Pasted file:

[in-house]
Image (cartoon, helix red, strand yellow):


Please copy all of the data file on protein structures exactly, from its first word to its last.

[in-house]
Image (cartoon, helix red, strand yellow):